Author: Kanae Minato
No. of Pages: 240
Origins: Mulholland Books
Release Date: 19 August 2014
Bottom Line: Dark and twisty and everything I love in novels
“After an engagement that ended in tragedy, all Yuko Moriguchi had to live for was her four-year-old child, Manami. Now, after a heartbreaking accident on the grounds of the middle school where she teaches, Yuko has given up and tendered her resignation.
But first, she has one last lecture to deliver. She tells a story that will upend everything her students ever thought they knew about two of their peers, and sets in motion a maniacal plot for revenge.
Narrated in alternating voices, with twists you’ll never see coming, Confessions probes the limits of punishment, despair, and tragic love, culminating in a harrowing confrontation between teacher and student that will place the occupants of an entire school in harm’s way. You’ll never look at a classroom the same way again.”
Thoughts: Confessions has one job to do, and it does it well. There is no flash to the story. It is as straight-forward a narrative as one can get. Each of the narrators tells his or her story with no fuss, little embellishment, and a sincerity that is chilling in its emotion or lack thereof. Moriguchi sets the tone as she dispassionately tells the tale of her daughter’s murder and her revenge. The rest of the stories follow the same pattern, revealing more about the key figures involved in the drama and ratcheting up the tension as Moriguchi’s revenge takes effect.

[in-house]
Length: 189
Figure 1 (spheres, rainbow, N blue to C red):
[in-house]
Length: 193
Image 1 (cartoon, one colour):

Where the story starts and where it finishes are a complete surprise. Readers get inklings that the story is going to take such a dark turn, but even the savviest reader will miss just how disturbing it is going to get. The truly amazing thing is that the revenge plot and its aftermath are not unreasonable. In fact, the whole plot has logic about it that does somewhat excuse the narrators’ behaviors. There is still plenty of behavior with which readers should and will find fault, but the idea of restitution, and the methodical way in which Ms. Minato justifies it, is a powerful one that places a reader’s sympathy on characters who may or may not entirely deserve it.
Confessions is one of those twisty novels which drives home the point that it is impossible to know exactly what someone else is thinking, feeling, and experiencing. The various confessions are scandalous in what they reveal about all of the characters, especially as readers are already experiencing bias given what others have previously shared. The story is also a particularly telling statement about modern judicial systems and the lack of justice in certain scenarios. Confessions will simultaneously shock and awe at the depths people will go to seek revenge, acceptance, and/or attention.